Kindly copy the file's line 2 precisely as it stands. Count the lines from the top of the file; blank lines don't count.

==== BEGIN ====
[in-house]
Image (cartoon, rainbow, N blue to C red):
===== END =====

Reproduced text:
Image (cartoon, rainbow, N blue to C red):